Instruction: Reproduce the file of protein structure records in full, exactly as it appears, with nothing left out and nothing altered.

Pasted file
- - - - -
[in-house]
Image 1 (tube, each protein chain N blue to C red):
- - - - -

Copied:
[in-house]
Image 1 (tube, each protein chain N blue to C red):